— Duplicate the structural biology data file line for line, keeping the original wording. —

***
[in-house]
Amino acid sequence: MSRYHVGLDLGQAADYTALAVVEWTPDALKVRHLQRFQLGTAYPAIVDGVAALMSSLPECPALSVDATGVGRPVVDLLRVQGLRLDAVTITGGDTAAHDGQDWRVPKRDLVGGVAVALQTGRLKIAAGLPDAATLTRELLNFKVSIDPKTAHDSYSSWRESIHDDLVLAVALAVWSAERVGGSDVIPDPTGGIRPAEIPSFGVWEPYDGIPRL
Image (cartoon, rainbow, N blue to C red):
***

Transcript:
[in-house]
Amino acid sequence: MSRYHVGLDLGQAADYTALAVVEWTPDALKVRHLQRFQLGTAYPAIVDGVAALMSSLPECPALSVDATGVGRPVVDLLRVQGLRLDAVTITGGDTAAHDGQDWRVPKRDLVGGVAVALQTGRLKIAAGLPDAATLTRELLNFKVSIDPKTAHDSYSSWRESIHDDLVLAVALAVWSAERVGGSDVIPDPTGGIRPAEIPSFGVWEPYDGIPRL
Image (cartoon, rainbow, N blue to C red):